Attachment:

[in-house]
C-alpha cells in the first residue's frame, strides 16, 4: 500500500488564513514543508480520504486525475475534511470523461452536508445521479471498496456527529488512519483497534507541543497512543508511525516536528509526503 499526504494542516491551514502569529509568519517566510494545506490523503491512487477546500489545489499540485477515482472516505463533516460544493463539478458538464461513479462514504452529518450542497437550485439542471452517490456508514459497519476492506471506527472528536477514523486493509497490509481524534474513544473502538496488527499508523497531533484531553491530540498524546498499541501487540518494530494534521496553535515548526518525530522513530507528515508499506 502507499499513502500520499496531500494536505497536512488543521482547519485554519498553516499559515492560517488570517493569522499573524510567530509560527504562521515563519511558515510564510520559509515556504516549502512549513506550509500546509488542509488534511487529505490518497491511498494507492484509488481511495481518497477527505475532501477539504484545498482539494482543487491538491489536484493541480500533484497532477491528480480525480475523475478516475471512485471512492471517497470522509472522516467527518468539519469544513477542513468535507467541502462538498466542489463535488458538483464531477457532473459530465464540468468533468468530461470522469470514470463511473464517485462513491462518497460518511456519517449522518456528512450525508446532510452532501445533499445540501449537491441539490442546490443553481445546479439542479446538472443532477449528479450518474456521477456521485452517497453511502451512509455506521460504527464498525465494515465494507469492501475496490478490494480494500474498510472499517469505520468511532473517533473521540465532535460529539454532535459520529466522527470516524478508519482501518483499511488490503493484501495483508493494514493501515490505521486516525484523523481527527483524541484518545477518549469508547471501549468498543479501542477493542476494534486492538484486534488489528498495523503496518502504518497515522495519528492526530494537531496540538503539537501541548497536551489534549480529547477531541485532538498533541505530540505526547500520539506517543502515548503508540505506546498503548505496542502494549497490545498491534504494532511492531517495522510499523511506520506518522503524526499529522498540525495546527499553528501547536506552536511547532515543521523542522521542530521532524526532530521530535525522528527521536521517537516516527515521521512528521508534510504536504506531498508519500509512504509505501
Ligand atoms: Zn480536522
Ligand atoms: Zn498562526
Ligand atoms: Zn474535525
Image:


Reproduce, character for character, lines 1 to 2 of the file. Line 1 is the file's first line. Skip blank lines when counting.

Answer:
[in-house]
C-alpha cells in the first residue's frame, strides 16, 4: 500500500488564513514543508480520504486525475475534511470523461452536508445521479471498496456527529488512519483497534507541543497512543508511525516536528509526503 499526504494542516491551514502569529509568519517566510494545506490523503491512487477546500489545489499540485477515482472516505463533516460544493463539478458538464461513479462514504452529518450542497437550485439542471452517490456508514459497519476492506471506527472528536477514523486493509497490509481524534474513544473502538496488527499508523497531533484531553491530540498524546498499541501487540518494530494534521496553535515548526518525530522513530507528515508499506 502507499499513502500520499496531500494536505497536512488543521482547519485554519498553516499559515492560517488570517493569522499573524510567530509560527504562521515563519511558515510564510520559509515556504516549502512549513506550509500546509488542509488534511487529505490518497491511498494507492484509488481511495481518497477527505475532501477539504484545498482539494482543487491538491489536484493541480500533484497532477491528480480525480475523475478516475471512485471512492471517497470522509472522516467527518468539519469544513477542513468535507467541502462538498466542489463535488458538483464531477457532473459530465464540468468533468468530461470522469470514470463511473464517485462513491462518497460518511456519517449522518456528512450525508446532510452532501445533499445540501449537491441539490442546490443553481445546479439542479446538472443532477449528479450518474456521477456521485452517497453511502451512509455506521460504527464498525465494515465494507469492501475496490478490494480494500474498510472499517469505520468511532473517533473521540465532535460529539454532535459520529466522527470516524478508519482501518483499511488490503493484501495483508493494514493501515490505521486516525484523523481527527483524541484518545477518549469508547471501549468498543479501542477493542476494534486492538484486534488489528498495523503496518502504518497515522495519528492526530494537531496540538503539537501541548497536551489534549480529547477531541485532538498533541505530540505526547500520539506517543502515548503508540505506546498503548505496542502494549497490545498491534504494532511492531517495522510499523511506520506518522503524526499529522498540525495546527499553528501547536506552536511547532515543521523542522521542530521532524526532530521530535525522528527521536521517537516516527515521521512528521508534510504536504506531498508519500509512504509505501